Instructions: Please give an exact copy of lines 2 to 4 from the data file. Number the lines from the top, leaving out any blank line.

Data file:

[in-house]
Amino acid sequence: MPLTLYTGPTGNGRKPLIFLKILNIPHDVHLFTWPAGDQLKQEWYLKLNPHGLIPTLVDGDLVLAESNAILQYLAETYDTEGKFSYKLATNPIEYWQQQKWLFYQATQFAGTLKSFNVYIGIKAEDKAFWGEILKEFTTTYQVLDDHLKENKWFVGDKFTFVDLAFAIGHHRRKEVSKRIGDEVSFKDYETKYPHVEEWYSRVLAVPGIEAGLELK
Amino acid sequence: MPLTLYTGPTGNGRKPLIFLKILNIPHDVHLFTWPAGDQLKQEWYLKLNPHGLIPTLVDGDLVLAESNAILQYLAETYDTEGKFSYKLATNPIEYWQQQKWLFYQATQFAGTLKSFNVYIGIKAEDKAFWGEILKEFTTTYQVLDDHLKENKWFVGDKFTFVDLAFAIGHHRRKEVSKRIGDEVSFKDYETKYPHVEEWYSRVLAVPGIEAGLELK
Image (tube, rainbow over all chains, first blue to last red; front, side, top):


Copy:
Amino acid sequence: MPLTLYTGPTGNGRKPLIFLKILNIPHDVHLFTWPAGDQLKQEWYLKLNPHGLIPTLVDGDLVLAESNAILQYLAETYDTEGKFSYKLATNPIEYWQQQKWLFYQATQFAGTLKSFNVYIGIKAEDKAFWGEILKEFTTTYQVLDDHLKENKWFVGDKFTFVDLAFAIGHHRRKEVSKRIGDEVSFKDYETKYPHVEEWYSRVLAVPGIEAGLELK
Amino acid sequence: MPLTLYTGPTGNGRKPLIFLKILNIPHDVHLFTWPAGDQLKQEWYLKLNPHGLIPTLVDGDLVLAESNAILQYLAETYDTEGKFSYKLATNPIEYWQQQKWLFYQATQFAGTLKSFNVYIGIKAEDKAFWGEILKEFTTTYQVLDDHLKENKWFVGDKFTFVDLAFAIGHHRRKEVSKRIGDEVSFKDYETKYPHVEEWYSRVLAVPGIEAGLELK
Image (tube, rainbow over all chains, first blue to last red; front, side, top):